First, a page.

PETERSON: Catholics are humans and humans sin. We all need a Savior. But just because humans sin, that doesn’t mean that what Christ taught and gave us in the Catholic faith is in any way flawed. Jesus himself taught us that we will have Judases among you so why should we be surprised? Jesus’ own apostles denied Him and failed at times. As Christians we are called home to God’s mercy and forgiveness when we fail and sin, and then as Christians, we must also show others that same mercy and forgiveness. This is our faith.

LOPEZ: Is prayer for real? Is it practical? Is it more than something that makes us feel better in times of need?

PETERSON: Yes, yes, and yes. Prayer is communication with God — asking, listening, sharing our hearts, our needs, our weaknesses, our heartfelt intentions. Prayer combined with fasting is most beneficial. All prayers are answered. It’s just sometimes we don’t like the answer God gave us.

LOPEZ: You write, “If you speak from the heart, if you speak sincerely and with love, wonderful things can happen. Don’t be afraid. Be open and pray every day that God will grant you the grace to help lead someone to Christ, to help love somebody to heaven.” Surely there must be a more rigorous strategy?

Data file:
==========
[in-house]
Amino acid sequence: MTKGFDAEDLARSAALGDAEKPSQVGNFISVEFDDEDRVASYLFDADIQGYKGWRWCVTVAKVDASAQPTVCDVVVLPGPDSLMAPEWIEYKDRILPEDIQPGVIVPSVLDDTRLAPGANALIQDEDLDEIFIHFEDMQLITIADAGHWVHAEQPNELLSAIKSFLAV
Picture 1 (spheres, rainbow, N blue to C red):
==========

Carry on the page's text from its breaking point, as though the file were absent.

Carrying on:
PETERSON: Not really, for you see, God’s ways are simple and straightforward: Love God with all your heart, your soul, and strength and love your neighbor as yourself. Life — and the spiritual life — really doesn’t have to be so complicated!

LOPEZ: “Every day, all day long, God is saying to you, ‘I’m here. I love you. Return to me.’” How do you know you are not just hearing things?